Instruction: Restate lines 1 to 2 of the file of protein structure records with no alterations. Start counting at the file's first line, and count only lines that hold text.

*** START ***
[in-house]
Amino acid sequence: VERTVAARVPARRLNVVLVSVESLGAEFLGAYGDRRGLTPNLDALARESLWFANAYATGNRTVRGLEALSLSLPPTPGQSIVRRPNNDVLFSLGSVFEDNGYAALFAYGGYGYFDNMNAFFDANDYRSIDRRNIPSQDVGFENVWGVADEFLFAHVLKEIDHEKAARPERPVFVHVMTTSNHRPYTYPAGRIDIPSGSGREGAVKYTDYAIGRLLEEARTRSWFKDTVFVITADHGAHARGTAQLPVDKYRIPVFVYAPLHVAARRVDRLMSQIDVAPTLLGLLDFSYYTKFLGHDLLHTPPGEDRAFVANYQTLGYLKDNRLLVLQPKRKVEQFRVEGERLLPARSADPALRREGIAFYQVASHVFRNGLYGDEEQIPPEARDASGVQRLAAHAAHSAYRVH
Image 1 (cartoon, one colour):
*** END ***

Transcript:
[in-house]
Amino acid sequence: VERTVAARVPARRLNVVLVSVESLGAEFLGAYGDRRGLTPNLDALARESLWFANAYATGNRTVRGLEALSLSLPPTPGQSIVRRPNNDVLFSLGSVFEDNGYAALFAYGGYGYFDNMNAFFDANDYRSIDRRNIPSQDVGFENVWGVADEFLFAHVLKEIDHEKAARPERPVFVHVMTTSNHRPYTYPAGRIDIPSGSGREGAVKYTDYAIGRLLEEARTRSWFKDTVFVITADHGAHARGTAQLPVDKYRIPVFVYAPLHVAARRVDRLMSQIDVAPTLLGLLDFSYYTKFLGHDLLHTPPGEDRAFVANYQTLGYLKDNRLLVLQPKRKVEQFRVEGERLLPARSADPALRREGIAFYQVASHVFRNGLYGDEEQIPPEARDASGVQRLAAHAAHSAYRVH